"Art Games", I was introduced to these when I first played Braid, or rather, when I first started reading discussions online about Braid. It's amazing how people could analyze that game as much as English teachers analyze literature, but damn, no book has ever made me care as much about symbolism and meaning as Braid did.
It was an interesting experience and it made me realize that games can be more than what they appear on the surface, that they can have deeper meaning to them, but also, more importantly, that so few games have done this, and most of the ones that have never really get any sort of mainstream press. I realized that if I want to make a splash in the gaming industry, then exploring more original storytelling mechanics could be the way to do so, in addition to a fun core game, and I was itching to test the waters on this.
Coincidentally, Edmund McMillen asked me about 2 weeks later if I wanted to work on Aether with him. I was currently working on a project that I was slowly losing interest in, partially due to Braid raising my standards for everything, so I decided to go for it, and abandon that old project which was turing out much worse than I originally thought.
Edmund described what he wanted for gameplay and I mocked up something quick, then expanded on that. He never told me what the game's meaning was until near the end of development when we were polishing up the whole thing. It worked out well for this because it felt like I could add my touches all over the game's world and design the game's mechanics how I thought they would go, and Edmund could work on his vision of the game, and then combined them and touch up the seams, and it worked, and became my favorite project (until Closure).
It was a fun experience, and came at just the right time for me, but at the same time I was still looking around at these other art games people had come out with and were still coming out with, and I was still in an "arty" mindset. Development on Closure began with me in this mindset, but I shifted out of it because I wanted to focus on the puzzles. But the art was still on my mind. I played through some small art games I could find, Passage, I wish I were the Moon, The Majesty of Colors, Gravitation, and others.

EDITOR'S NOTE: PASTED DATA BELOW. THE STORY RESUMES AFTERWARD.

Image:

They all seemed to have low-res pixel art in them. It was kinda cool at first but it seemed to be a trend, cause others that came out recently, (Don't Look Back, Fathom, Jumpman, Gray) also had low res art. I was getting involved in the independent game dev community too, and a lot of people seemed preoccupied with low res art.
I am very partial to flash-like vector art myself after so many years of staring at it, but I appreciate the occasional tribute to our past. I was curious as to why pixel art was so popular amongst this group of people, as it was a stark change from the flash-based communities I was used to. I basically got these reasons:
1. Low res is easier to make look good than high res
3. It lets the player "fill in the details" of the artwork, therefore growing a stronger connection with the characters.
1 and 2 are valid, but it was 3 that intrigued me the most. Was it just a way of justifying "laziness"? Or did it have value to it that I didn't originally see at first. Could the same concept be applied to other aspects of game development or other fields entirely? Thinking about this too much made me enjoy art games less, cause rather than see meaning in them, I began to see holes. "The creator just left this blank and wants ME to fill in the meaning for him!" I'll admit, people do generate more of an emotional connection to things if they (inadvertently) inject a bit of themselves into interpreting someone else's work. But, there's a balance to be struck.
To compare it to painting, look at Picasso and Dali. Look at how incredibly detailed and surreal their works are. They were great painters and knew how to convert what was in their minds to pigment on canvas. Yet, their work was surreal enough to let other people determine multiple meanings for it. They all had a specific mood though, which helps guide people into interpreting the works in a similar way, with some room for deviation.